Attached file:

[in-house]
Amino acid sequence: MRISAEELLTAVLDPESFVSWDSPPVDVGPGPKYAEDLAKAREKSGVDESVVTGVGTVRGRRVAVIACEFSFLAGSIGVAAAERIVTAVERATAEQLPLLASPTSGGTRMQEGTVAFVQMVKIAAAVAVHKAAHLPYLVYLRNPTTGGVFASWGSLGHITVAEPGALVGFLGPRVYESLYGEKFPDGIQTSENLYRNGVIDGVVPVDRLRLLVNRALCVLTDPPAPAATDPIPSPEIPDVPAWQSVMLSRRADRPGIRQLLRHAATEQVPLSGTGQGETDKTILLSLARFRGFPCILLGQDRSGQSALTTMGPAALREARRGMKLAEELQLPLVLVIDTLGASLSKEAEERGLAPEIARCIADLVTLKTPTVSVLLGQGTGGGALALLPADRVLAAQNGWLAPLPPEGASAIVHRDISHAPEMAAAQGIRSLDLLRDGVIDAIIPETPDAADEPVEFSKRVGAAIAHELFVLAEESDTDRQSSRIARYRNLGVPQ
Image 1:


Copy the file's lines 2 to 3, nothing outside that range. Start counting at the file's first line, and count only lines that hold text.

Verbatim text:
Amino acid sequence: MRISAEELLTAVLDPESFVSWDSPPVDVGPGPKYAEDLAKAREKSGVDESVVTGVGTVRGRRVAVIACEFSFLAGSIGVAAAERIVTAVERATAEQLPLLASPTSGGTRMQEGTVAFVQMVKIAAAVAVHKAAHLPYLVYLRNPTTGGVFASWGSLGHITVAEPGALVGFLGPRVYESLYGEKFPDGIQTSENLYRNGVIDGVVPVDRLRLLVNRALCVLTDPPAPAATDPIPSPEIPDVPAWQSVMLSRRADRPGIRQLLRHAATEQVPLSGTGQGETDKTILLSLARFRGFPCILLGQDRSGQSALTTMGPAALREARRGMKLAEELQLPLVLVIDTLGASLSKEAEERGLAPEIARCIADLVTLKTPTVSVLLGQGTGGGALALLPADRVLAAQNGWLAPLPPEGASAIVHRDISHAPEMAAAQGIRSLDLLRDGVIDAIIPETPDAADEPVEFSKRVGAAIAHELFVLAEESDTDRQSSRIARYRNLGVPQ
Image 1: